I leave work at 5.30.

This is a dirty little secret of my work life. In my 22 years in advertising I have not given JWT my nights. I know how bizarre it might sound. It’s a pretty Ripley’s believe-it-or-not fact but it’s true. Almost as scandalous as doing drugs or sleeping with the boss. There have been times I’ve romanticized people who work late, often found them cooler, sexier and more talented than me. And still I have found myself picking up my bag and tiffin box latest by 7 pm. I can’t do this night lagana in office.

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And I know many, many of my male colleagues have judged me and hinted that I’m a slacker. They’ve looked at the watch pointedly around 5.30 pm and said, “Isn’t it time for you to pack up?”

Men often think it’s a very cool provider thing to stay back in office. They even get that President Of The World tone when they call their wives and girlfriends to say, “I’ll be late”. The tone suddenly acquires a fireman at work or a doc in ER urgency. The call is always brief. Tight. Compressed. But right after the call I have seen them saunter into the smoking area, send the canteen guy for an errand, debate endlessly on Sachin’s retirement, slowly sip a cup of tea — more slowly than you would in a Polish art film — and then maybe huddle on some work issue very, very, reluctantly. They play games on the computer, get to know the new people, reunite with the old ones but all along with a sense of purpose. Work is a corporate club of a different kind but a club for sure. (You have food and games and also dim lights. Only no swimming pool.)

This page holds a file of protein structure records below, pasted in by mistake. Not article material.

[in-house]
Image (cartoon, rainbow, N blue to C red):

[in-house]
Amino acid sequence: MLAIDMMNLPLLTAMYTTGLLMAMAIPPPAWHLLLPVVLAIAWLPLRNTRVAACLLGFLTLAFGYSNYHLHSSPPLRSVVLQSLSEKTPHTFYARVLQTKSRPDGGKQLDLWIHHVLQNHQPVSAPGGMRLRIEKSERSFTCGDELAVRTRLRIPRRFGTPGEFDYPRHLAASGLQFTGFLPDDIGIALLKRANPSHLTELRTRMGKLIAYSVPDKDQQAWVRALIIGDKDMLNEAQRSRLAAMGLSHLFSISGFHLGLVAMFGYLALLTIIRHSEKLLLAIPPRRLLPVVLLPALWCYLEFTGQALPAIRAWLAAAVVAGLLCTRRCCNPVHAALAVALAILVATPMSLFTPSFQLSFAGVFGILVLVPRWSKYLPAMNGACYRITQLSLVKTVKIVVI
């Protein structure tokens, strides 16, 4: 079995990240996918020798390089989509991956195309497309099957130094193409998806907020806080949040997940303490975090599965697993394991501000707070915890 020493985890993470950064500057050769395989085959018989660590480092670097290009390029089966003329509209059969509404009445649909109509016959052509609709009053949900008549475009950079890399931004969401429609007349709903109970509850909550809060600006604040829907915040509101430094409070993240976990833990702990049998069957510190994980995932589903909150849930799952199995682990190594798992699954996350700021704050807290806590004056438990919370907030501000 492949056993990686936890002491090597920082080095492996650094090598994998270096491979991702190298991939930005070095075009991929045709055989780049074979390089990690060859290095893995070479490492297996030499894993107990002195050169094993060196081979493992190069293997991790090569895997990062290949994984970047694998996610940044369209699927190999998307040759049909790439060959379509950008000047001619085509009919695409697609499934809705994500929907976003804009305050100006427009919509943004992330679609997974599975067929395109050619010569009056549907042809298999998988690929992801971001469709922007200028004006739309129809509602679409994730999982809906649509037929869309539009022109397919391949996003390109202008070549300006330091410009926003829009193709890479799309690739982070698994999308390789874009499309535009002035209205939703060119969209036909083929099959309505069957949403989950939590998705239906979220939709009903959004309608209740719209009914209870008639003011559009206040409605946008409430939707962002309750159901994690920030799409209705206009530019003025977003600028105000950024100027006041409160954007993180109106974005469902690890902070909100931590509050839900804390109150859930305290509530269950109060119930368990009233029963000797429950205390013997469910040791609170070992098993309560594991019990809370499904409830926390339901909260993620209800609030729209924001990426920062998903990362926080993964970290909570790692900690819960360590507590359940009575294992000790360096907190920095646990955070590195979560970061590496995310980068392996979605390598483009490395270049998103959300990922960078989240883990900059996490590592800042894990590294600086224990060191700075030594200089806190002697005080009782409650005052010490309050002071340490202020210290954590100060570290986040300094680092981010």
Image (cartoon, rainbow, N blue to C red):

Why can’t women enjoy the afterwork hours like men? Here’s why

When we return late we feel guilty.

We imagine the anguish of our kids when they are waiting. Or our girlfriends. Or moms. We know that when it comes to our work life, even our girlfriends are not so empathetic. They expect us to be there. Like our kids and our dogs. Our maid. Or maybe even the mali.

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For men it’s a different story.

Every Indian mother thinks mera beta khoon pasine ki kamai karta haiMere bete par bahut work pressure haiBada heavy stress hai. And that’s why men like this staying-at-work thing. It helps them perpetuate this myth of hard-working male provider. If you spend just 2 hours extra doing just about nothing at work, you’ll get a hero’s welcome at home. The wife will get the tea. And the mother will hush your children rudely if they are running around in the living room. If you come home by 9 pm, the children are already in bed and obviously you cannot help them with their homework even if you wanted to. And if you come home at ten, it’s even better. You don’t even have to walk the dog.

For men, coming home late has all kinds of privileges.

It’s a badge of honour, a moment of quiet pride. And that’s why they are proud to stay late. Proud to hang in the office. Proud to be absent. It doesn’t work like that for us. We want to kill ourselves if our kids go to sleep without seeing us. We are scared of what the class teacher might think of the shabby homework. We feel terrible if our kid goes to a birthday party without a gift. So we come home on time to do the stuff we have to do. And then stay up at night to do the work. We do it privately. Quietly with no show and tell. That’s the way it is with us.

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So next time you pick up your bag at 5.30 pm, do it with your chin up, chest out! We women do double shifts. Men don’t.

 

Swati Bhattacharya until recently was the National Creative Director of JWT India. After a 21 year stint at JWT, she now works with Dentsu’s Mama Labs as Principal Partner.

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